Blessings to you and I pray that you will continue to walk with me as we learn about the fruit of the Holy Spirit and as we mature in our transformation into Christian believers who speak and act as Jesus did and who share in the passions that Jesus had for the lost sheep and for the worship of His Father, the Almighty God.


Several years ago we received an envelope in the mail box from our granddaughter who, at the time, lived in Louisiana.  It contained a cut out picture figure of a young boy, smiling and ready for adventure along with a letter advising that we were the ones to provide him with that adventure!  We were told that this was Flat Stanley and she was asking us to take him with us and to take pictures of him as we went about our day.  She then asked that we send the pictures to her for a project at school.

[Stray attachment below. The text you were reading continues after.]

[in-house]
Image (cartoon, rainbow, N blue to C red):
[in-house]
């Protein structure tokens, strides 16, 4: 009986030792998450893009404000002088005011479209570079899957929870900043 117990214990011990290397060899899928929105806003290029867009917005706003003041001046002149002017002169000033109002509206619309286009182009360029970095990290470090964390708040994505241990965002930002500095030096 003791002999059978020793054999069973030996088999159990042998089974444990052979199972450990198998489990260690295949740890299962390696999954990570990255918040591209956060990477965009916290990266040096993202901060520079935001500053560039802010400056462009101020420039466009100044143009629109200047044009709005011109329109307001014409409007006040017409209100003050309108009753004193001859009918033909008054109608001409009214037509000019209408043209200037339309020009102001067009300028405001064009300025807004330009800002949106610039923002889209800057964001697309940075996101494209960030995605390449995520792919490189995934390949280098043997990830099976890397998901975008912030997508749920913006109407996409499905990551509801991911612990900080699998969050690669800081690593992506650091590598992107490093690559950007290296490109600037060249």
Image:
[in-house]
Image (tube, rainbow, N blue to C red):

Being the accommodating grandparents that we are, we took many pictures of Flat Stanley, at home, in the car, at a restaurant, in the RV, at a meeting, at the church soundboard, even at a basketball game and later playing cards with us.  We had a good time thinking about where we could position Flat Stanley for another shot.  When we were done, we emailed the pictures to our daughter‐in-love so she could do whatever next was necessary for our granddaughter to finish her project.

            Ober+Gatlinburg Stanley in VanStanly helping on board  Stanly in truck UT basketball game                                 

When we were done, we were looking at the pictures and chuckling at how we had gotten Flat Stanley in so many different positions, activities, etc.  Then I began actually thinking about Flat Stanley.  Now, I know that this was a school project for our granddaughter.  But, who is Flat Stanley?